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In “First Look at Silverlight 2” Scott Gu showed how easy is to change the visual appearance of a Silverlight application using the standard features of the Silverlight Grid control:

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While reading the blog, it occurred to me that it would be very easy to achieve similar effects with RadGridView for WinForms. With the latest version of RadGridView you can change the row layout using different view definitions in a very simplistic and easy way:

 

layouts

 

Using parts and ideas from Scott’s article, I compiled a small application that gets a list of article from digg.com via web services and shows them in RadGridView similar to the way Scott does it:

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To achieve this effect I used the new HTML view definition in RadGridView. It positions grid cells exactly like in an HTML table. Actually, it can read and parse tables in HTML-like syntax, which simplifies and shortens the process of specifying the grid layout (and no, we don't plan to extend this feature to support full HTML syntax).

To create the example I defined the row layout:

string rowLayout = @"<table>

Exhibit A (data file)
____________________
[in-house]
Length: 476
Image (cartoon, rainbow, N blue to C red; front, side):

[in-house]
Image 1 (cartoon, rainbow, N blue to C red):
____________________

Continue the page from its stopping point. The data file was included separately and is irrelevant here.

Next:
<tr>
<td colspan="
"3"">title</td>
</tr>
<tr>
<td rowspan="
"2"">diggs</td>
<td>description</td>
<td>image</td>
</tr>
<tr>
<td>author</td>
<td>link</td>
</tr>
</table>"
;

HtmlViewDefinition definition = new HtmlViewDefinition();
using (MemoryStream ms = new MemoryStream(ASCIIEncoding.Default.GetBytes(rowLayout)))
{
definition.RowTemplate.ReadXml(ms);
}

 

Afterwards, assigning the view definition to RadGridView is simple. You need just to set the ViewDefinition property after setting the DataSource:

this.radGridView1.DataSource = table;
this.radGridView1.ViewDefinition = definition;

Additionally I used code to set different row heights and to modify some column properties:

definition.RowTemplate.Rows[0].Height = 35;
definition.RowTemplate.Rows[1].Height = 80;
definition.RowTemplate.Rows[2].Height = 30;

 
I also disabled some features like column headers and added formatting to some cells in order to achieve a better visual effect. Please, take in consideration that I am not a designer.

You can download the application and the source code from here.

In my next blog post I will give you more details on how to use view definitions in RadGridView. I hope that this feature will be useful for many of you. Any feedback you have is welcome.


About the Author

Nikolay Diyanov

Diyanov is the Product Manager of the Native Mobile UI division at Progress. Delivering outstanding solutions that make developers' lives easier is his passion and the biggest reward in his work. In his spare time, Nikolay enjoys travelling around the world, hiking, sun-bathing and kite-surfing.

Find him on Twitter @n_diyanov or on LinkedIn.

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